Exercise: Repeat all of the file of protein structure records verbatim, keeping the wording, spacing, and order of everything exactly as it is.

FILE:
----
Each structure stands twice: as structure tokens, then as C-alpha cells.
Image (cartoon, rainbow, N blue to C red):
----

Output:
Each structure stands twice: as structure tokens, then as C-alpha cells.
Image (cartoon, rainbow, N blue to C red):